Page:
Some statements from classmates culled from various media sources: “The problem comes from the community, everyone created this because no one really was ever there for him, and someone needed to be there for him and I’m sorry for not being there for him,”; “We couldn’t help him at all. No one had ever been a friend to him,”; “Someone could have approached a faculty member, a guidance counselor, a teacher and said, ‘This kid gets bullied a lot, someone should do something,’ . . . I regret definitely not saying anything.”

    Comments from a neighbor who knew him for years, “He was ostracized his whole life,” said Gold, who said he was one of only four people, including Nikolas, and his younger brother, Zachary, who attended the funeral of his mother, Lynda Cruz, in November. . . Gold recalled seeing Cruz as a kid attempt to join other kids riding their bicycles in the neighborhood, but the kids brushed him off and called him names.”

    You can’t form a relationship with people who shun and bully you. Chris M, in a perceptive comment earlier today, discussed bullying and the role it plays in suicide. The above quotes are not meant to excuse Cruz, he is responsible for what he did, but I have to think being ostracized and bullied played a role in this tragedy. As Chris noted, this points to a place where an intervention might actually show benefit rather than just being another “common sense” law.

    • The problem that worries me with “see something, say something” is it looks a whole lot like something that can rapidly become “we don’t like you, so you don’t get the same rights the rest of us do” or “we don’t like your social preferences, so we’re going to constantly put you in a situation where you have to defend yourself in court just to be a citizen like the rest of us”.

      • Good point, TexAg (may you post forever)

        In practice, this system is not without flaws, missteps and overreach. One kid was arrested for snapchatting a picture of a watermelon he shot to a classmate during school hours, and a teacher saw the image and reported. Sherriffs to the kid’s house over an innocent sharing… and the teacher was following policy.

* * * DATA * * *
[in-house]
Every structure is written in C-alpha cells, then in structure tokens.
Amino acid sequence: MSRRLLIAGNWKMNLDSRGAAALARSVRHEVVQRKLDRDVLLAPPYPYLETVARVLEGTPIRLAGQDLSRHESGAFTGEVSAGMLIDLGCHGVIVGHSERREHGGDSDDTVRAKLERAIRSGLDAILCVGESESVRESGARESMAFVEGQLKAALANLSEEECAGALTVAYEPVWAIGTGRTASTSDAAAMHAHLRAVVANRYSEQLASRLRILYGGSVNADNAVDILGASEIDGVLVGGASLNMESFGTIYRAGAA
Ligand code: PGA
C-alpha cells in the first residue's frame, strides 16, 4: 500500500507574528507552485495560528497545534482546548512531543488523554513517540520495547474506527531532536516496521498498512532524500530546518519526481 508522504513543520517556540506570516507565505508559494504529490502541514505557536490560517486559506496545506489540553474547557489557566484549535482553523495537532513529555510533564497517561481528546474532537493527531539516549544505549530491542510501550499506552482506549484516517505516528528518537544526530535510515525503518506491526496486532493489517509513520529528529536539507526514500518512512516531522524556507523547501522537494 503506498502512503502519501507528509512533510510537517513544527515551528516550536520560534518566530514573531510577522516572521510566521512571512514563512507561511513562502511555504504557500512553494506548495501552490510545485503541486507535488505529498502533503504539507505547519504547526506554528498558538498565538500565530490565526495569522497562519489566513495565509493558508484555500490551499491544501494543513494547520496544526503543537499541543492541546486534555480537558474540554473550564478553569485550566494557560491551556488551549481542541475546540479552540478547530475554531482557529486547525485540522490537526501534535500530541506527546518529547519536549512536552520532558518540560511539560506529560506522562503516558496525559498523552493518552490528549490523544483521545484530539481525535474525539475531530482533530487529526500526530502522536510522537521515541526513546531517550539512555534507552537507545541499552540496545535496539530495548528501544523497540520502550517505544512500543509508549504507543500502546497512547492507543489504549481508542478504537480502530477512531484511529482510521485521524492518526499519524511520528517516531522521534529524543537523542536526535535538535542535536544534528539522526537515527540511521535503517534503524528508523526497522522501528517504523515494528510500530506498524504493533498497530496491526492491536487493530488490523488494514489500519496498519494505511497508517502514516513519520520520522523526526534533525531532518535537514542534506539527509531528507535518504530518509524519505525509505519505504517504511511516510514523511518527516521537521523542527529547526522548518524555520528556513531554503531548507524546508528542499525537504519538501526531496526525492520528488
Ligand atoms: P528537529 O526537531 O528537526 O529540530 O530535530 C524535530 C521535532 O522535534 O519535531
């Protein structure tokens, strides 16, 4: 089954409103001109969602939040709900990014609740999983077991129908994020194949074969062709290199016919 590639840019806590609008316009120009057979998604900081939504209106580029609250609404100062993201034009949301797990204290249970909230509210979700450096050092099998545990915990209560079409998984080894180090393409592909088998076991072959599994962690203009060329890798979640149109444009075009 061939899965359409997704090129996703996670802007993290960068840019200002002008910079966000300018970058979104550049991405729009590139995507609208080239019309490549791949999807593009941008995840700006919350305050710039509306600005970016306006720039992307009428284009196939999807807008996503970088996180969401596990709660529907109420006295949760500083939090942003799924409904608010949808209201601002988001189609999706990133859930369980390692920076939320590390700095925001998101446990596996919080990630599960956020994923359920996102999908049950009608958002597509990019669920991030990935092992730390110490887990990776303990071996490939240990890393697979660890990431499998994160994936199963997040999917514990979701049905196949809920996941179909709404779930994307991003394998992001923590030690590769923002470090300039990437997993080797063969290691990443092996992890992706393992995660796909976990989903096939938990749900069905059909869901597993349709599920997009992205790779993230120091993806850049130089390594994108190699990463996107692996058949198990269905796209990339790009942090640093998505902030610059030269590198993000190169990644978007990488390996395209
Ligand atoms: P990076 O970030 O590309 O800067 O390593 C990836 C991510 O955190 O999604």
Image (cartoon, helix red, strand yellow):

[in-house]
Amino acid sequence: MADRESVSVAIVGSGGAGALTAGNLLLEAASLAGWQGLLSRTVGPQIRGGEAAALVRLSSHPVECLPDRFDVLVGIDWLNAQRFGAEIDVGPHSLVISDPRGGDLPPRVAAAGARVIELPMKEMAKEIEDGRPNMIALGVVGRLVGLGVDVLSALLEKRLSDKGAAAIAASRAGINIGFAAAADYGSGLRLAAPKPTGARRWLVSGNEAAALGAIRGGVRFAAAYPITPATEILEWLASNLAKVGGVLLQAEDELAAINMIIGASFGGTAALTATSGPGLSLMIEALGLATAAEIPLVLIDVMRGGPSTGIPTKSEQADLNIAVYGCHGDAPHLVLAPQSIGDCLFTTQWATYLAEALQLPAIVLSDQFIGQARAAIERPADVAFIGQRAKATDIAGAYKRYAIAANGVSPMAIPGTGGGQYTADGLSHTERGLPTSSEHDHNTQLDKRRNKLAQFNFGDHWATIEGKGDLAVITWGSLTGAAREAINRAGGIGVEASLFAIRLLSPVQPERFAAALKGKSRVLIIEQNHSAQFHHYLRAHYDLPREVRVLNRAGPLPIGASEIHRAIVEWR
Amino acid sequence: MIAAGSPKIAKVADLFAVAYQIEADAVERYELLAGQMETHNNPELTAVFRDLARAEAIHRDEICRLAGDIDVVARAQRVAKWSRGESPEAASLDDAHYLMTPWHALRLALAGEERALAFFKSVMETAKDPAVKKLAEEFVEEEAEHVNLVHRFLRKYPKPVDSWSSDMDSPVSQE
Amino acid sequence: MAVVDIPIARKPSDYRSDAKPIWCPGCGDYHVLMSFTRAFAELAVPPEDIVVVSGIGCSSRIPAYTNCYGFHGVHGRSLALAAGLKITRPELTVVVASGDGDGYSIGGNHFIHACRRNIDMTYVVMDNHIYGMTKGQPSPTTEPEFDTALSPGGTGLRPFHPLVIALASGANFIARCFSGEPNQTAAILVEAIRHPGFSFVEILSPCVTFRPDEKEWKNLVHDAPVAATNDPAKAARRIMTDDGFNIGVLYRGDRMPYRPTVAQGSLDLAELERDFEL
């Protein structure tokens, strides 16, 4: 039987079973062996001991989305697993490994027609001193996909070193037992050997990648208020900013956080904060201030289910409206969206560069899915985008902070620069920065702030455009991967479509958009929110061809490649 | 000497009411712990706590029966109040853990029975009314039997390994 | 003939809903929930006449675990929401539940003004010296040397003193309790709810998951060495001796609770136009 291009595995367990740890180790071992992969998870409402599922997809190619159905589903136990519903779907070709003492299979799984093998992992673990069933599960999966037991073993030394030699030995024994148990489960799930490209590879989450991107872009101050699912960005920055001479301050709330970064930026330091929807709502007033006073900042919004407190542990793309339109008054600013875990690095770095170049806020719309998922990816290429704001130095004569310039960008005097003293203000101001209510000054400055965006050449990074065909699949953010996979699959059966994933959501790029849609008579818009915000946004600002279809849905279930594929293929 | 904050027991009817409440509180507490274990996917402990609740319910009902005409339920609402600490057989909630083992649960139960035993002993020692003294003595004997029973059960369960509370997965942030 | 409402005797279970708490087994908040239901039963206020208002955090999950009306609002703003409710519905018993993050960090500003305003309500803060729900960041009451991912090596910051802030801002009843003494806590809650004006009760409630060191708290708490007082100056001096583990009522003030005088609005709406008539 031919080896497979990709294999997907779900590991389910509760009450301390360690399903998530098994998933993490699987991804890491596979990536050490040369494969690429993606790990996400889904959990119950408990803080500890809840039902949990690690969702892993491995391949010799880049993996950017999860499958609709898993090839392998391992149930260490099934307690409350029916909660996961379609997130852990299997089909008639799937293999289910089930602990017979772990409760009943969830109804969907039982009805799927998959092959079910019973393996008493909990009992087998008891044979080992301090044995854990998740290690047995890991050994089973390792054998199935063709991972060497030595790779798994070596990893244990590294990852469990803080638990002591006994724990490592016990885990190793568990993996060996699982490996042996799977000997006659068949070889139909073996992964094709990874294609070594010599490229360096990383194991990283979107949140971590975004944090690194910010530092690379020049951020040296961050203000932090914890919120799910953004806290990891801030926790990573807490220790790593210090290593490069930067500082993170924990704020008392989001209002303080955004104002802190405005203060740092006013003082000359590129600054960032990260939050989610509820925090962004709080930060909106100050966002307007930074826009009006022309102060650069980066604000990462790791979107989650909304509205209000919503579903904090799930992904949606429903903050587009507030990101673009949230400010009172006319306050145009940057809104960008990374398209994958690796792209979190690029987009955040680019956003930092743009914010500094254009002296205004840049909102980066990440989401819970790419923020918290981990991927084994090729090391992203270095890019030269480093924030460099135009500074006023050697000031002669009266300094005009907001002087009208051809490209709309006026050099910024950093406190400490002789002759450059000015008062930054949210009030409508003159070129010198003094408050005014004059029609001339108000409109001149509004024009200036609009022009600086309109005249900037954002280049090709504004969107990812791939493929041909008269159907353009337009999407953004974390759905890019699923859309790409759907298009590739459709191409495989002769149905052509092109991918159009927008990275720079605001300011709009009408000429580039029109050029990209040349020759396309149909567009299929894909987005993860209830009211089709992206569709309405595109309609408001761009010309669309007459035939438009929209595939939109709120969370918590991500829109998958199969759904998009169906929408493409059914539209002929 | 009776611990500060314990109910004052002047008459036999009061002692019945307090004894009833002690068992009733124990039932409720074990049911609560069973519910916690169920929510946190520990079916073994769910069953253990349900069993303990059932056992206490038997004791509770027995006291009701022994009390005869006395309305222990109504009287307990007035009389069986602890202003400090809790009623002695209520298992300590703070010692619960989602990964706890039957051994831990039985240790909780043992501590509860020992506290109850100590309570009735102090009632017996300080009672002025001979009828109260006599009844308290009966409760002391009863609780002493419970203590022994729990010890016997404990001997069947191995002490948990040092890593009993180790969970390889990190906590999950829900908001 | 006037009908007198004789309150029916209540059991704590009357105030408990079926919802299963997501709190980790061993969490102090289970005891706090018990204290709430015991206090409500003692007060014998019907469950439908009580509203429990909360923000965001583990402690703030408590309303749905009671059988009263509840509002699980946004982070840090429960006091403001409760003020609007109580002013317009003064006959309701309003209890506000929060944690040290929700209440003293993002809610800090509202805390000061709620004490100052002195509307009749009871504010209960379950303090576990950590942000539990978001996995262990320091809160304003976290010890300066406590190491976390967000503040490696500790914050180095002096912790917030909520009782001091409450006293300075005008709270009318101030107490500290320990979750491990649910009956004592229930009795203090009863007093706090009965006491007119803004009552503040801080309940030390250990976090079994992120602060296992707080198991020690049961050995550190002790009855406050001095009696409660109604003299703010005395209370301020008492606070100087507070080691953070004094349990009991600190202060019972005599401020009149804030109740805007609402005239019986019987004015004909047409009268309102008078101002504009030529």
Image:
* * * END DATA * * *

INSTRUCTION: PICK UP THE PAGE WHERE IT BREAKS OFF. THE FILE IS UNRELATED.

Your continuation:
This is where relationships come in: if you have relationship, trust evolves and this lubricates rough situations.

        We as a society have to learn where trust should (and should not) be placed. For example, concealed carry holders are statistically more responsible gun owners than the police. They are vetted far better than police. If a policeman can carry in a school, a CCL holder should be able to as well. But folk’s ‘feelz’ dictate otherwise.

  3. http://www.lewrockwell.com/2018/02/larry-l-beane-ii/but-i-like-my-nihilism/

    Children have thousands of times more odds of dying in a car wreck than a school shooting – which though being horrific and appalling, are rare.

    And yet how many advocates of banning weapons are willing to turn the keys of their Assault Vehicles in to the local sheriff’s office. Why? Well, “F-you, I like my car.”

    Your car is a luxury. They have existed only for a little more than a century – but look at the carnage! Where are the gun-control folks arguing that “if just one life is saved, it would be worth it”?

  4. Thank you, Jack, for the honor.

    However, the principal at my local High School deserves the credit, both for the letter and the policy.

    Sorry I am (once again) late to the party: I have to catch up on postings these days.

    Again, thank you